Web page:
Nic Mitchell turns to Lewis Carroll’s Alice-in-Wonderland to make
sense of UK higher education policy.
I’m getting asked more and more by my friends and colleagues in mainland
Europe: What’s going on in British higher education?
It is a fair question and one that we keep asking ourselves!
And just when we think we understand, we find higher education thrust back on
to the front pages as another row ‘engulfs’ UK universities.
Take undergraduate tuition fees. Yes, the ones that sparked riots in London.
We all thought most universities would charge – at least in England – between
£8,500 to £9,000-a-year to home and EU students from this autumn.
But then the Vice-Chancellors got wind that the government would only allow
universities to expand by either taking more of the very top students based on A level results or through cutting their fees to under £7,500.
The Premier League ones didn’t fancy hordes of more students – it would spoil
their unique appeal. But many of the other universities did want more, and so a flurry of activity led to many (yes, you’ve guessed) cutting their average fees to under £7,500.
How will pay for this? Regrettably by cutting bursaries and scholarships that
were to be targeted in many cases at less well-off students.
The respected broadcaster and education commentator, Mike Baker, said in
a Guardian Opinion piece (21.02.2012): “The twists and turns of (UK) higher
education policy increasingly resemble the fantasy Alice embarked on when she
followed the White Rabbit down the hole for her Adventures in Wonderland.
Nothing is quite as it should be.”
It certainly would make a good plot for a modern-day Lewis Carroll.
Hence this new blog!
So where was I? Ah! Yes, well the British Government, aided by its universities, actually did a remarkably good job – after a poor start – in ‘selling’ the near trebling of tuition fees for full-time first undergraduate courses starting later this year.
Their argument was that students shouldn’t worry about the level of the fees, as they would not have to pay anything until they graduated and got a good job.
And they got a former critic, the Liberal MP Simon Hughes, to front the ‘awareness raising’ campaign.
It worked more, or less!
Fears of a dramatic plunge in applications for 2012-13 turned out to be a more
modest 8.7% decline in the number of British students seeking a place this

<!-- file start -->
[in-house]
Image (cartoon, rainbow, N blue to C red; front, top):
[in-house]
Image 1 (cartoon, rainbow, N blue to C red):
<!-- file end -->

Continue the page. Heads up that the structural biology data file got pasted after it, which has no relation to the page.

Yes, I know that might sound bad, but at one point last year some universities
were worried that up to a quarter might be put off.
So, why the last minute dash for the tuition fees sales? And why did the body
set up to encourage a fair fees policy, OFFA, allow universities to slash prices midway through the recruitment cycle so they could squeeze under the
government’s £7,500 tuition fees target?
And where does it leave students who were counting on the bursary to help
them through university and believed that the fee level didn’t matter, as it was ‘buy now, and pay later when you’re earning loads of money’?
Well, as Mike Baker said in The Guardian piece: “Only in an Alice-in-Wonderland world can we make sense of the peculiarities of the new fee arrangements”.
For, it really can work out cheaper to buy something with a £9,000 price tag
rather than something priced at £7,500 or less when it comes to a university
Well, the graduate with a £9,000 degree could pay back little or nothing if they don’t earn enough, while the graduate who pays the lower fee could easily end up paying all of the original loan plus plenty of interest. Graduates pay back 9% of salary for the loan on earnings over £21,000 whatever the level of the fee.
It is all very peculiar – and the man who has the job now of sorting out where we go from here has been subject to some of the nastiest stories in the Conservative press for daring to speak out.
He is none other than Professor Les Ebdon, a Vice-Chancellor from a modern
university, which stuck to its policy of high fees to fund generous bursaries.
Tory MPs and parts of the right-wing media behaved like the Queen of Hearts, as Mike Baker pointed out, rushing round yelling ‘off with his head!” before sanity was restored and his appointment as ‘Access Tsar’ was rubber-stamped.
So dear reader, I must leave it there, as I have run out of steam. I hope this
introduction has shed some light on the strange and stormy world of UK higher
education. And fear not, I will return soon to continue the story!